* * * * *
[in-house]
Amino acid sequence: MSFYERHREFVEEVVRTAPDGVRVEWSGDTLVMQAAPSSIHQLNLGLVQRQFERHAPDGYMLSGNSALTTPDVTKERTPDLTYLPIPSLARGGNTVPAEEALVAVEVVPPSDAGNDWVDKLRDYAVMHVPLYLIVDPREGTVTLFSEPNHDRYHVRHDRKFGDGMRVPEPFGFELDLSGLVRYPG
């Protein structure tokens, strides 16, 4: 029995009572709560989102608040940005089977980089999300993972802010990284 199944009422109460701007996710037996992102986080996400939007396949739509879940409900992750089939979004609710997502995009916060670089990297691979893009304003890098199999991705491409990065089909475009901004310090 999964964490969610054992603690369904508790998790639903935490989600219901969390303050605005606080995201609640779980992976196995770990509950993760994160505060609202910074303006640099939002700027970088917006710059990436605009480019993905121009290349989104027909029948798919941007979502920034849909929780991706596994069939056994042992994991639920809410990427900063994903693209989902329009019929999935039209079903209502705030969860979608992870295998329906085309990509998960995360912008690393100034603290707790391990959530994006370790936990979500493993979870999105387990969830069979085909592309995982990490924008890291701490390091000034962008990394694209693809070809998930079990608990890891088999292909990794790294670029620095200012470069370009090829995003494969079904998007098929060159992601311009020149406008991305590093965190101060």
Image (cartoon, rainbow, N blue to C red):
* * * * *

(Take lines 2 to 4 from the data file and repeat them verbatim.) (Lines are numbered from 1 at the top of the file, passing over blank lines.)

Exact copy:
Amino acid sequence: MSFYERHREFVEEVVRTAPDGVRVEWSGDTLVMQAAPSSIHQLNLGLVQRQFERHAPDGYMLSGNSALTTPDVTKERTPDLTYLPIPSLARGGNTVPAEEALVAVEVVPPSDAGNDWVDKLRDYAVMHVPLYLIVDPREGTVTLFSEPNHDRYHVRHDRKFGDGMRVPEPFGFELDLSGLVRYPG
């Protein structure tokens, strides 16, 4: 029995009572709560989102608040940005089977980089999300993972802010990284 199944009422109460701007996710037996992102986080996400939007396949739509879940409900992750089939979004609710997502995009916060670089990297691979893009304003890098199999991705491409990065089909475009901004310090 999964964490969610054992603690369904508790998790639903935490989600219901969390303050605005606080995201609640779980992976196995770990509950993760994160505060609202910074303006640099939002700027970088917006710059990436605009480019993905121009290349989104027909029948798919941007979502920034849909929780991706596994069939056994042992994991639920809410990427900063994903693209989902329009019929999935039209079903209502705030969860979608992870295998329906085309990509998960995360912008690393100034603290707790391990959530994006370790936990979500493993979870999105387990969830069979085909592309995982990490924008890291701490390091000034962008990394694209693809070809998930079990608990890891088999292909990794790294670029620095200012470069370009090829995003494969079904998007098929060159992601311009020149406008991305590093965190101060």
Image (cartoon, rainbow, N blue to C red):